by Vanessa Shaw
When I deliver workshops the participants are always buzzing with ideas. My objective is to help them to start implementing the learning right away.
A solution I’ve found helpful is to commit to micropractices. This is a concept I learned when I completed the Personal Leadership certification. A micropractice is a small habit change, that is done daily, and is so small that you cannot fail. If you want to implement meditation into your life, start with a 10 second meditation, not a 10 minute one. If you want to give up drinking soda, start by having half a sip less each time. Be consistent and overtime micropractices grow into habits. Then you can grow them into bigger behaviors in your life.
Let’s apply this start-small concept to implementing change in the workplace.
I came up with an idea to run micro-experiments and created the Experiment Pledge deck (more on this in a minute). My goal was to help my workshop attendees run their own experiments to improve engagement and productivity at work. Why attend a management course, and then not start implementing? Just like any kind of new approach, there’s some considerations that help the experiments gain traction and lead to more experimenting.
Four things to consider when experimenting with experimenting
1. Start with snack-sized experiments
When you were in high school or university – did they ever have an International Food Festival?
These have been a popular way to help the students have a direct experience with diversity. Sharing small servings of new foods was a pretty safe way to introduce the concept of trying new experiences. It was a lot safer than asking the students to move abroad and live with a host family. A small snack-sized experience, gives people a taste before they have overcommitted.
Similarly, try sharing bite-size introductions of the culture that you’re trying to craft at work. Don’t overwhelm colleagues or management with a grandiose five course meal. Don’t overcomplicate innovating the team culture. Start with snack-sized or “micro” experiments.
Example: If you want to encourage creativity, bring a 24-pack of play-doh and leave them on your desk with a sign, “Take some when you need it.” This is a better approach than buying a 400 pack and putting it in every conference room and on your colleagues desks, blasting an ‘all office email’ with five articles related to the importance of creativity and innovation.
2. Make experimenting visible
It’s well known that humans are stimulated by a variety of colors and textures, and many people are visual learners. Just look at how many colors of Post-Its there out there! In your design and explanation of experiments, use colors, pictures, drawings and props. And then leave them “laying about” or in highly public locations.
Curious colleagues will start to question, opening up a conversation. This is exactly where organizational change begins.
a) If you want to improve communication, set up a Happiness Door in a visible location, to gather real-time feedback of happiness at the office. Snack-sized and visible – check! check!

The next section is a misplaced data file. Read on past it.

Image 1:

b) I gave my workshop participants mini-beakers as reminders to keep on their desks, “What will you experiment with today?”
3. Include yourself in the experiment
You cannot help an organization transform itself, if you yourself are not on a transformational journey. It’s popular to think about how they want to change their organization or how we wished other people would do things differently. That’s a good path towards frustration. So, let’s try a new approach and start experimenting with our own habits. Ask yourself – what’s something that will improve happiness for me at work?
Personally, I love to doodle and drawing makes me happy. I also hear it’s good for creativity, innovation and idea flow.
Example: I am experimenting with graphic facilitation. I tweet about my drawings, and bring my coloring pens with me to coffee shops and client meetings. People ask me about it regularly. I brought a Sketchnote book and someone asked if they could buy it from me. I was surprised – but agreed – in the spirit of supporting others to experiment.
4. Extract the learning from your experiment
Once you’ve run your micro-experiment, it’s time for a retrospective
- Reflect on what you did and what you learned
- Did you make it snack-sized? Was it visible? How did you integrate it personally?
- How will you integrate your learnings into the next iteration?
- Fill out a new LEWI Card with the next iteration
To assist with the process of experimenting with experiments, I created the – Let’s experiment with it! Cards, or LEWI Cards.
How to use the LEWI Experiment Pledge card
- Reflect on something you’d like to improve in your team, organization or yourself
- Come up with an idea of how to experiment with something
- Check it – is it bite-sized? How will you make it visible? Are you making it yours?
- Run your experiment
A few weeks ago I ran a course in the San Francisco Bay Area. It was a group of 15 electric and action-taking workplace innovators. They left the 3-day course with dozens of experiment cards filled out, ready to dive into experimenting back at work on Monday.
I keep getting updates from them about their experiments. The learning is taking place. Change is happening.
Happy workplace innovating!